Begin your journey
to recovery.

Get evidence-based treatment in a peaceful location, with a
team of dedicated, expert staff. 
Share on Facebook
Share on Twitter
Share on Linkedin
Share on Email
Joe Gilmore

Joseph Gilmore

Joseph Gilmore has been working in the addiction industry for half a decade and has been writing about addiction and substance abuse treatment during that time. He has experience working for facilities all across the country. Connect with Joe on LinkedIn.
Jenni Bussi

Jenni Busse MS, LPCC

Jenni Busse MS, LPSS is the Clinical Director at Gratitude Lodge. Jenni oversees the clinical program and the clinical team at Gratitude Lodge as a whole. Jenni has worked in treatment for almost 14 years. Her background as a licensed therapist and her passion for helping others intersected with addiction recovery when she started working primarily in detox residential treatment.

Holistic Therapy

Our holistic therapy treatments offer a full-scope approach to recovery, addressing your mind, body, and emotions as part of a comprehensive treatment plan. This therapy is designed to help address underlying issues and integrate alternative therapies to promote overall health and well-being.
people sit in treatment session representing 90 day alcohol rehab


An essential part of your treatment experience, we offer individual (CBT and DBT talk therapy) and group addiction treatment counseling to help you explore and address the emotional component of addiction, providing you with the tools, self-awareness, and empowerment you need to maintain recovery.

Dual Diagnosis

Dual Diagnosis is a highly effective addiction treatment that addresses substance use and mental health disorders simultaneously. Often co-occurring, these disorders are best managed when treated together with specific and targeted therapy.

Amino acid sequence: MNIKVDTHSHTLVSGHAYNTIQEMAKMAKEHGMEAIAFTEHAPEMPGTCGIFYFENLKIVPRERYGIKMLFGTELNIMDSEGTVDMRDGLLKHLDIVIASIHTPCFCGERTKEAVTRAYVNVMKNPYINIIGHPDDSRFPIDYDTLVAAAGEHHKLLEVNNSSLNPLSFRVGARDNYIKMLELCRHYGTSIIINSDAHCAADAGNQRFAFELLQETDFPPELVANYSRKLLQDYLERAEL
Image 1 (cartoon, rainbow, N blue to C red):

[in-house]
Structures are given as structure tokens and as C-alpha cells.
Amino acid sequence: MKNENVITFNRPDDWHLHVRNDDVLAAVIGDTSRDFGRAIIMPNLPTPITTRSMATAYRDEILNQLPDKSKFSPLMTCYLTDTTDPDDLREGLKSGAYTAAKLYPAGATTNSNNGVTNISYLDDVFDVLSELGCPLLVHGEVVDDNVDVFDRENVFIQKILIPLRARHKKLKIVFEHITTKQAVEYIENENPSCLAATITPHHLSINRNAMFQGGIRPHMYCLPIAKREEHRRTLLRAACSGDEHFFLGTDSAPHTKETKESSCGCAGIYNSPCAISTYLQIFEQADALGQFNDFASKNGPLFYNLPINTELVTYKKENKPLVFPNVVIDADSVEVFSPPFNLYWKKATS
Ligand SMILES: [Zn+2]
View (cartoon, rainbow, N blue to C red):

Medication-Assisted Treatment (MAT)

Medication-Assisted Treatment provides you with FDA-approved medications to help ease the symptoms of withdrawal while you’re in treatment. This makes the detox process easier and safer, as well as increasing the chances of a successful recovery.

Sober Living

Sober living provides a supportive and substance-free living environment for your ongoing recovery. We partner with a number of upscale and carefully vetted sober living homes that are available to our clients after inpatient alcohol and drug addiction treatment.

Outpatient Treatment

Once detox and inpatient are complete, we provide an easy transition to outpatient care through our hand-selected partners. This program offers a more flexible approach, allowing you to ease back in to daily life while still receiving frequent & effective care.


Inpatient treatment provides an intensive and comprehensive addiction treatment program in a structured environment. You will receive 24/7 expert care, therapy, and support as you build your foundation for long-term recovery.

Drug & Alcohol Detox

A crucial first step in the recovery process, our detox program provides a comfortable, medically supervised environment that addresses the physical aspect of addiction and eliminates substances from your body.

Use Our 24 Hour text line. You can ask questions about our program, the admissions process, and more.